Late September (2012)
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Late September takes place over a 24-hour period, in a beautiful Kent house and garden, and follows the course and aftermath of a birthday celebration organised by a middle-aged woman for her husband to whom she has been married for nearly 40 years. As the day and night progress, old rifts, new relationships and secrets emerge amongst friends, and the underlying tensions in the marriage can no longer be contained. This age group, the post war generation now approaching old age, has not received so much attention in film and the problems these friends face are specific but universal and recognisable to us all; their lives, their hopes and fears for the future are portrayed with a total lack of sentimentality but also with great warmth, humour and empathy. … More
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Critic Reviews for Late September
Much as one wants to root for indie cinema, this just isn't in the same universe as Mike Leigh or Joanna Hogg.
All the dialogue is improvised, which gives the film a raw, honest feeling of actors digging into their shared creations but inevitably engenders a static, theatrical air.
There is something uncompromising in its pessimism, something that another kind of dramatist or film-maker would have tried to dissolve, or sweeten, or explain away.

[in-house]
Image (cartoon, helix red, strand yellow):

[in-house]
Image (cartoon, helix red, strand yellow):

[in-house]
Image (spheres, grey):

If the ending is quietly harrowing, it is only because what goes before, so painstakingly put together, gives power to the coming apart of the key characters' lives and dreams.
Very much in the Joanna Hogg vein of excruciating bourgeois discord, Jon Sanders's low-budget drama about unhappily married Brits draws plenty of blood.
The composition is occasionally so static that one occasionally fears the screen has frozen.
A micro-budget Brit flick with an experimental flavour that generates real insights into married life.
The cast cut into the tough truths of late-life relations. The Best Exotic Marigold Hotel it ain't.
A delicate study of complex relationships, Late September is a thought-provoking and insightful drama about the deep, underlying problems of a marriage, containing authentic performances from its unknown cast.
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